In normal saline, CA1 neurons fire at most once in response to a moderate presynaptic stimulus. The conjunction of this depolarization with NMDA receptor activation should allow localized Ca2+ entry at the dendritic spines as well as less focal, voltage-gated entry. It has been directly shown in this laboratory that Ca2+ changes are most intense at the spines during tetanic stimulation and remain fairly localized there, even during tetani of several hundred milliseconds (Müller & Connor, 1991; Petrozzino et al. 1995). It is presumed, although not directly shown to our knowledge, that this pattern holds for single spikes. If a large part of the Ca2+ signalling in LTD derives from NMDA receptor influx, we would expect a homosynaptic induction as in the 1 Hz protocols, although, at high stimulus intensities, a wider region of Ca2+ spread, encompassing neighbouring synapses, might occur, supporting a heterosynaptic component (see Otani & Connor, 1996a; Staubli & Ji, 1996).
LTD induction in our study was dependent on postsynaptic PKC activation (see also Oliet et al. 1997), which has also been implicated in LTP induction (Lovinger et al. 1987; Malinow et al. 1989). We suggest that there may be a difference in the manner and location of PKC activation between two conditions. It is known that Ca2+-dependent activation of PKC subspecies expressed in CA1 pyramidal cell dendrites (α, β-II, γ) is facilitated by the presence of DAG (Nishizuka, 1992; Tanaka & Nishizuka, 1994): when arachidonic acid is available together with DAG, PKC may be activated even at basal [Ca2+] levels. Importantly, the action of these co-factors can sustain activation of PKC (Nishizuka, 1992). It is therefore possible that dendritic production of DAG and arachidonic acid (Dumuis et al. 1990) by repeated mGluR activation during prolonged low-frequncy orthodromic stimulation may help activate PKC persistently at low or basal [Ca2+] levels. In contrast, large [Ca2+] increases during LTP-inducing high-frequncy stimulation (see Fig. 6), especially the NMDA-dependent increases in dendritic spines (Petrozzino et al. 1995), may activate synaptic PKC with a limited access to DAG and arachidonic acid.
However, we should be still cautious in interpreting the effect of the mGluR antagonist MCPG on LTD induction. MCPG blocks both group I mGluRs (i.e. mGluR1 and 5), which are positively coupled to phospholipase C cascades, and group II mGluRs (i.e. mGluR2 and 3), which are known to be negatively coupled to cAMP pathways (Watkins & Collingridge, 1994; Nicoletti et al. 1996). Although CA1 pyramidal neurons express mGluR5 (Lujan et al. 1996), antagonism of MCPG to mGluR5 is somewhat controversial (Joly et al. 1995vs.Saugstad et al. 1995). It is thus possible that MCPG acted on group II mGluRs to block LTD induction in a manner unrelated to inhibition of the phospholipase C pathways. It has been shown in dentate gyrus that a group II mGluR antagonist blocks LTD induction by 1 Hz stimuli (Huang et al. 1997). In mossy fibre-pyramidal neuron synapses in area CA3, lack of functional mGluR2 resulted in the impairment of LTD with 1 Hz conditioning (Yokoi et al. 1996). It is interesting to note here that Petralia et al. (1996) recently showed the existence of group II mGluRs in CA1 postsynaptic neurons, as well as in presynaptic components.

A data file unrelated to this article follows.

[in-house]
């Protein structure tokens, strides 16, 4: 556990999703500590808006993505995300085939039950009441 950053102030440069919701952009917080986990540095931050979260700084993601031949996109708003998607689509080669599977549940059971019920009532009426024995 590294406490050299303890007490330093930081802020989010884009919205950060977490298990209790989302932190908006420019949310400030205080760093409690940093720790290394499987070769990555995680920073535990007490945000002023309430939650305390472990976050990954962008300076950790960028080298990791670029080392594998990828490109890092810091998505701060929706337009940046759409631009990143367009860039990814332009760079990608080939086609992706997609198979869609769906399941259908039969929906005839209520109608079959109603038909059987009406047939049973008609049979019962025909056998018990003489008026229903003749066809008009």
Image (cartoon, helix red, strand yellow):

The modulatory role of GABAA inhibition in LTD induction appears to be developmentally regulated; block of GABAA inhibition enables LTD induction in adult hippocampus (see also Wagner & Alger, 1995; Otani & Connor, 1996a), while none is necessary in younger animals (Mulkey & Malenka, 1992, Dudek & Bear, 1993; Izumi & Zorumski, 1993; Bolshakov & Siegelbaum, 1994; Wagner & Alger, 1995; Oliet et al. 1997). GABAergic inhibition develops slowly in the postnatal rat hippocampus (>12 days; Ben-Ari et al. 1989; Muller et al. 1989), lessening the need for (or effect of) exogenous blockers at early stages. Also, depotentiation in adult hippocampus requires no GABAA block (Barrionuevo et al. 1980; Staubli & Lynch, 1990; Fujii et al. 1991). As pointed out by Wagner & Alger (1995), in this case, the balance between synaptic excitation and inhibition is probably shifted towards a downregulation of synaptic GABAA inhibition by high-frequncy stimulation applied earlier to induce LTP (see also Abraham et al. 1987; Stelzer et al. 1994).